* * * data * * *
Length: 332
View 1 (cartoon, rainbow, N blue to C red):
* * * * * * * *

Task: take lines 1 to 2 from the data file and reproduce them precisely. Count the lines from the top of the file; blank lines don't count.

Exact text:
Length: 332
View 1 (cartoon, rainbow, N blue to C red):